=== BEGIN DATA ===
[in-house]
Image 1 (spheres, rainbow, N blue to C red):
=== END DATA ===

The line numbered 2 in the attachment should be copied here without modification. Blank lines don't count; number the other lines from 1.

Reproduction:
Image 1 (spheres, rainbow, N blue to C red):